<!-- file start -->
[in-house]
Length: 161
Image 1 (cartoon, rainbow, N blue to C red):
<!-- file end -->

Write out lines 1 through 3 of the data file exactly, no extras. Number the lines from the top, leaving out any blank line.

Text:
[in-house]
Length: 161
Image 1 (cartoon, rainbow, N blue to C red):